Do you know that the actual cleaning of your garment is done by washing machine agitation and the surfactant properties of detergents. Yes, the action of detergents on clothes is a major reason your clothes come out clean from a washing machine.
But can too much detergent damage clothes?
Too much detergent can damage your clothes. The surfactant properties help to separate dirt and stains from your fabrics. On the downside though, it can lead to leaching, that is, the gradual removal of dye chemicals used to color cloth fabrics.
Excess detergents can create white spots on your garment. On a single wash too much detergent does not usually damage clothes. But the cumulative effect of continual use can damage your clothes.
SURFACTANTS IN DETERGENTS
Surfactant is a major property of detergents. This helps to break down insoluble salts.
If you wash a stained cloth and are able to remove the stains from it, you have just experienced surfactants at work. When clothes are soaked in water and detergent, the surfactant helps to detach or separate stain particles from your fabric and prevent them from reattaching to the fabrics. The separated particles are then flushed out by water.
This property of detergents is what helps it to clean clothes during laundarying.
But there is more!
Detergents are not intelligent. When done repeatedly and for a long period of time more than just stains and dirts are separated from your fabrics.
HOW DETERGENTS DAMAGE CLOTHES
As explained above, the surfactants separate stain particles from fabrics. But this non-intelligent action does not distinguish stains and dirts from other particles.
Every time dirt is removed from clothes, a very minute amount of fabric colors is detached from the fabrics also.
This is called leaching.
Leaching is the gradual removal or separation of colors from cloth fabrics when water passes through it.
So, surfactants separate color particles, and they wash off through the process of leaching.
THE RESULT OF TOO MUCH DETERGENT ON CLOTHES
Put simply, they increase the surfactant effect on your laundered clothes. This in turn increases leaching.
The result is that clothes begin to fade gradually. Except that with much detergent, and coupled with low quality fabrics, the effect is faster and more noticeable.
HOW MUCH DETERGENTS SHOULD YOU USE?
You should have a fixed measurement.
A helpful guide is the
kilogram to cup ratio.
One cup of liquid detergent can wash 6kg of clothes.
One cup is 250ml
Half cup is 175ml
|Measurement (Cup)||Measurement(Liters)||LOAD WEIGHT||WEIGHT BREAKDOWN|
|1||½ cup||175ml||3kg clothes||3 towels, 3 t-shirts, 1 trousers, 5 pairs of socks, 1 bedsheet, 2 pillowcases.|
|2||1 cup||250ml||6kg clothes||5 towels, 6 lightweight tops, 2 trousers, 10 pairs of socks, 2 bedsheet and 2 pillowcases|
|3||9kg||6 towels, 12 tops, 5 trousers, 22 socks, 3 bedsheets, 2 pillowcases.|
|4||2 cup||500ml||12kg clothes||10 towels, 6 lightweight tops, 4 trousers, 20 pairs of socks, 2 bedsheets, and 4 pillowcases.|
HOW DO I KNOW IF I USED TOO MUCH LAUNDRY DETERGENT?
- Have a measurement cup
If you do laundry regularly, you don’t want to measure by guess work or use ‘eye gauge.’ And do not exceed the measurement in the table above.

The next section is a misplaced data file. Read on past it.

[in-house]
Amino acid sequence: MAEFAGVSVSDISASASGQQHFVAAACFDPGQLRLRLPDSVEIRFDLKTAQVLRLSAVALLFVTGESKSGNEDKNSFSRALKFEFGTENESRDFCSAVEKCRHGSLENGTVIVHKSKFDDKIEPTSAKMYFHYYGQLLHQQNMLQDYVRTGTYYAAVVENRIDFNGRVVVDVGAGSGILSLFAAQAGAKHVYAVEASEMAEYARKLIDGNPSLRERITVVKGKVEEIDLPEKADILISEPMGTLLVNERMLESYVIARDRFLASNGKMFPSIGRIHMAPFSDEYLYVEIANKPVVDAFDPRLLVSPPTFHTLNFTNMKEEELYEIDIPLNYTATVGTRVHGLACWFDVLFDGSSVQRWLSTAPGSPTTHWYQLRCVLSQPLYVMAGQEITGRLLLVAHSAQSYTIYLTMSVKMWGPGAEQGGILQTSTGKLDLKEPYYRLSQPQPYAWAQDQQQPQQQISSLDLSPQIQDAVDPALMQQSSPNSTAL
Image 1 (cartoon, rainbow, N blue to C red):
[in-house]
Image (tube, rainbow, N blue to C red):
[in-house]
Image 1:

Even when the clothes are a little more than the stated weight, you should not increase the detergent measurement. For example, a cup of liquid soap can wash 6kg of clothes. If the clothes are 6.5kg on the weight scale, you don’t need to measure a cup and extra. The same 6kg will be enough to cover the extra 0.5
- Too much foam in the wash
A fail proof to determine if your measurement is too much is by looking at the foam in the washer. When the detergent is too much, the foam in the washer will be too much for the rinse to completely clean out.
It is not unusual to have foam in your clothes, even in the washer, after the rinse and spin. This is an indication of excess detergent that the washer could not rinse off completely.
- Detergent smell
A newly rinsed clothes will have some good smell from the wash. Especially with scented detergents. But the smell is strong, it is an indication that some detergent remnant is still on your clothes.
In this case, you might choose to run the washers rinse a second time. Leaving unrinsed detergent will gradually wear your clothes, as unlike soaps, detergents are not biodegradable.
WHAT HAPPENS IF YOU OVERFILL A WASHING MACHINE WITH DETERGENT?
If it is dry detergent, and you’re yet to start the washing or flush it down the drum, you can simply extract it from the washer cover.
Your clothes will still have lather, at the end of the laundering. You should run a rinse cycle one more time.
IS LIQUID OR POWDER DETERGENT BETTER FOR WASHING MACHINES?
Washing machines are built to accept either kinds of detergents. Both dissolve quickly in water and mix effectively with clothes in the washer’s drum.
Whether to use liquid or powder is down to choice, available, and cost. But will work well with any modern washing machine.
CAN YOU DO LAUNDRY WITHOUT DETERGENT?
Yes you can. But only with another cleaning agent, like soap, for example.
Of course, if you only have rinsing to do, you don’t need detergents. But that means you would have already done your hand by laundry.
If your goal is to disinfect or whiten your clothes, you can opt for baking soda bleach.
But as a word of caution, baking soda and bleach are better soaked in water than pouring into the washer.
Detergent plays an important role in laundry. And enough amount should be used to get the desired cleaning and sanitizing effect needed when washing.
However, just like any other vital things in life, it is needed in the right amount.
A right amount can make you look, feel and smell good. Used in excess and you’ll damage your clothes.
Striking the balance is the key. You can print the information in the table above and past on your washing machine. This will be a memory aid, and helpful guide when next you have those clothes to launder.